The small holes in three fossil clams reveal that 75 million years ago, ancient octopuses burrowed into their prey. The discovery pushes the evidence for this behavior 25 million years ago, according to scientists, Feb. 22 in the Biological Journal of the Linnean Society.
The clams, Nymphalucina occidentalis, lived in what is now South Dakota, where an inland sea divided the west and east of North America. While examining the shells, now at the American Museum of Natural History in New York, paleontologists Adiël Klompmaker of the University of Alabama at Tuscaloosa and Neil Landman of AMNH saw holes in an oval shape. Each hole was between 0.5 and 1 millimeter in diameter, thinner than a strand of spaghetti.
A modern octopus uses a sharp ribbon of teeth called a radula on its tongue to drill a hole in the thick shell prey – useful for when the shell is too hard for the octopus to separate with its suction cups. The octopus then injects venom into the hole, paralyzing the prey and dissolving it slightly, which makes the food easier. Holes drilled with octopus were previously found in shells dating back 50 million years, but the new discovery suggests that this drilling habit evolved 25 million years earlier in its history.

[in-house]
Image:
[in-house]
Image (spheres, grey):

These holes increase the poor fossil record of octopus evolution. The soft bodies of the eight-armed intelligent Einstein do not lend themselves well to fossilization, but tend to decay (SN: 8/12/15). That fossils exist – a handful of specimens dating back about 95 million years – suggest few changes in the basic body plane from ancient to modern octopuses.
The finding also places the evolution of octopus drilling in the Mesozoic Marine Revolution, an escalation in the ancient arms race between oceanic predators and prey (SN: 15/06/17). During the Mesozoic era, which spanned between 251 and 66 million years ago, predators lurking near the bottom of the sea became experts at crushing or piercing the shells of their prey.